The first installment:
Imagine if you will traveling for many hours northward and never leave the country. Few countries in the world can make that statement; Canada is able to say this unabashedly. We flew over lush deep forests that slowly turned into the vast Boreal Forest and soon endless miles of the Tundra. Our journey started at the forty-ninth parallel and now we landed in Resolute Bay at the seventy-ninth parallel. The first thing that struck me was not the bareness of the land, rather seeing dog sleds stacked like cord wood along a low-lying building. Welcome to the far north and culture shock that came to this city boy. You might ask, how did a city man end up three hundred and seventy miles from the North Pole?

My friend Ted and I had recently completed a scuba course in ice diving. This won’t be a dissertation on the perils and joys of this particular aspect of scuba diving. Sufficed to say it’s quite dangerous even with all the safeguards in place.
One of us gets this great idea; lets’ go up to the Arctic and scuba dive. Between our two pea brains we hadn’t a clue what this would entail. Let me enumerate just a few things we hadn’t thought about.
• No place to get air for the scuba tanks
• No hospital nearby
• No hotel
• No supermarket to buy supplies on as needed basis

I could go on but I think you realize this harebrained idea had no merit other than plump up our egos. Nevertheless the idea was intriguing, we started making inquiries regarding the arctic and scuba diving. There was a dearth of information actually nothing of value to us and scuba diving in a hostile environment.

Serendipity intervened one fateful day. We had attended a scuba show aside from the equipment being touted as the best ever there were movies and speakers. One of the speakers was a fellow named Dr Joseph MacInnis who had done some diving in the High Canadian Arctic. We cornered the good doctor and in the ensuing months we learned what it is like to scuba dive in the desert a cold brutal hostile environment. He had a film to complete and if we were willing to take his cinematographer with us we all win. Ted and I would have the adventure of a lifetime. Originally it was just four of us, Ted, Rick and unnamed person and me.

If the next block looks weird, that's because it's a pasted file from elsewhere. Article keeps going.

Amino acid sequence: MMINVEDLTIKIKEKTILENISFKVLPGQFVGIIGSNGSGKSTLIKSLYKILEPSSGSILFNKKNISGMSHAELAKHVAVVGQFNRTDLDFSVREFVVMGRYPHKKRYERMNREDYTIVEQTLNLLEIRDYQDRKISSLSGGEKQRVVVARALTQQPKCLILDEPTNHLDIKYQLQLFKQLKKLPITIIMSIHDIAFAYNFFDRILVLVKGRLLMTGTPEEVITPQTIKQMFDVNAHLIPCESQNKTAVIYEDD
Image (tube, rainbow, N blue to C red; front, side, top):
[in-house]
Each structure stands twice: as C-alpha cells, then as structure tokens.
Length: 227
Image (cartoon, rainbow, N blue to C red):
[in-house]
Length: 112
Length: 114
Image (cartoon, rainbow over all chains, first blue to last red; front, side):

Rick Mason is a professional cinema photographer and worked at CTV a Canadian broadcasting organization. He had been in the Arctic before and when he spoke about the High Arctic, his eyes danced and his voice carried an awe of reverence about this unspoiled land. I got to know Rick a little before we ventured into the High Arctic. This was important for him and I since he and I would be doing most of the diving and filming. My job was holding the big underwater lights for him.

My father had retired at age fifty-five and heard all about this incredible adventure. My mother came to us and asked if we would take my dad,” he would be thrilled.” said my mother. We told my dad he could come but he needed us to teach him how to scuba dive. Our fourth person was the man who taught Ted and I how to dive, his name was Tim. Soon we added two more people, my nineteen year old brother David and my fourteen year old son Warren.

We met weekly practicing diving, determining what was required for an expedition. Firstly we needed permission from the Federal Government this was granted with a certificate for Explorers and Adventures. Here is a partial list of what was required.
• All our food for a minimum of twenty days. Mostly freeze-dried